The service had systems in place to record safeguarding concerns, accidents and incidents and necessary action was taken, as required. Staff had received safeguarding training and they understood their responsibilities to report unsafe care or abusive practices.

Risk assessments had been developed to minimise the potential risk of harm to people during the delivery of their care. These had been kept under review and were relevant to the care provided.

Staff had been recruited safely, appropriately trained and supported. They had skills, knowledge and experience required to support people with their care and support needs.

People received their medicines as prescribed and when needed and appropriate records had been completed. People spoken with did not raise any concerns about the management of their medicines.

Staffing levels were seen to be sufficient to meet the assessed needs of people. The majority of people and relatives told us that staff were consistent.

People had been supported to have maximum choice and control of their lives and staff supported them in the least restrictive way possible; the policies and systems in the service supported this practice.

Staff we spoke with had a good understanding of protecting and respecting people’s human rights. Staff spoke positively about confidentiality, privacy and dignity and this came through when speaking with people.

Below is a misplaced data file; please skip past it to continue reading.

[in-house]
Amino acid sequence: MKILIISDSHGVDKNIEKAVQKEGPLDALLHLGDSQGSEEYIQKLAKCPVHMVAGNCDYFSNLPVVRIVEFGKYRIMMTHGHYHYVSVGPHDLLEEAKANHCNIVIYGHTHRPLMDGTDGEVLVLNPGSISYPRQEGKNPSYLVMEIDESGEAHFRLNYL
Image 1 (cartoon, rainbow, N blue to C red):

The service had information with regards to support from an external advocate should this be required by those who used the service.

Care plans contained a good level of person centred information with good guidance for staff. People who wished to be involved in care reviews were included in this process and were at the centre of it.

End of life care plans were in place for people and this was approached in a sensitive manner in a way that people could understand.

A number of audits were undertaken to ensure the on-going quality of the service was monitored appropriately and lessons were learned from issues that occurred. A robust management structure was in place that had oversight at a number of levels in accordance with the size of the agency and wider organisation.

The service communicated well with people, relatives and staff. We saw evidence of a number of ways this was done, including memo’s, newsletters and spot-checks.

The feedback from people and relatives was very positive and we received lots of complimentary comments from them about the agency, its staff and the management team.